"We were really supporting our goalie," said Doo of his side's early swoon. "I think we were trying to get too much offense and we sort of hung Twizzler out to dry."

But the late arrival of Velma seemed to disrupt the leaders' line chemistry, as they started rolling players instead of maintain set combinations.

"All of a sudden you've got this barrage of players and it takes a while for the new guys to click," said Bam Bam, who seemed to find his stride late in the game when he was teamed with Kid and Colonel.

In fact, both teams had to contend with a wealth of player riches, as the sunny, cold conditions attracted a season-high turnout as well as a pair of brand new players, Oilcan and Sideshow Bob.

"When you've got five or six other guys to play with, you don't really get into a groove," said Doo. "It definitely took some adjusting."

It was a good problem to have, especially when the leaders temporarily lost a pair of players to injury as Kid was felled by a shot to his unprotected groin, and the Living Legend caught a deflection in the eye. Later, they lost newcomer Sideshow Bob when he turned his ankle after slipping on some sludge along the end board. But the casualties also helped shift the play's momentum, as the underdogs exploited the ensuing trepidation to push deep into the offensive zone.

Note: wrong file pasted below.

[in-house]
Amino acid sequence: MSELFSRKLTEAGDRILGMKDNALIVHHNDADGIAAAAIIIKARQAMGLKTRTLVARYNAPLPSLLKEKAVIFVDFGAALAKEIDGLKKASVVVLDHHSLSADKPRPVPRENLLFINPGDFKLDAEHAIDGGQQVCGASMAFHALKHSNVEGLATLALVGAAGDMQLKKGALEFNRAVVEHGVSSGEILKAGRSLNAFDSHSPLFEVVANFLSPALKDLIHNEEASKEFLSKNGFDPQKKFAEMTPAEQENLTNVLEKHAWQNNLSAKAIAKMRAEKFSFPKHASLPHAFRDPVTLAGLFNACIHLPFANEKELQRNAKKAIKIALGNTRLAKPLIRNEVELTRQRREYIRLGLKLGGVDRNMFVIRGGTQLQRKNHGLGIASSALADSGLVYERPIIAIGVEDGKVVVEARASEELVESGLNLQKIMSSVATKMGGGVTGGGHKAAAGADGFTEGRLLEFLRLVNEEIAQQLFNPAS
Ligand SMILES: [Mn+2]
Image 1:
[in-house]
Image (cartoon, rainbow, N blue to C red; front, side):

"It got a little easier as things slowed down a bit," said Doo, as his side battled back to take a late lead 20-19.

"We were up by a lot and we just got complacent," said Bam Bam. "We weren't chasing the ball down, we weren't coming back to help Chico. The chemistry wasn't really there."

Until their backs were against the wall.

The Legend came off the bench to give his side a 21-20 lead, poking home a Kid rebound, setting the stage for Colonel's winning move.

"It seemed like we were battling back all game, and to have that lead and lose, it's a heartbreaker," said Doo.

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February 13, 2011

Scooby and gang skin win

Scooby left part of his knees on the rough concrete hockey court and Doo scored the winner on a slow roller that bounced off his legs as the Mystery Machine avenged last week's humiliating loss to a team of wily veterans with a 20-14 win Sunday.

With their leader back in the lineup and his gang together again by the luck of the stick draw, Scooby, Doo and Scrappy hit the court running and gunning. Lak Attack and Beetle Boy, making his first appearance in four months, provided capable support and steadying defense that allowed them to open a 12-4 lead at one point.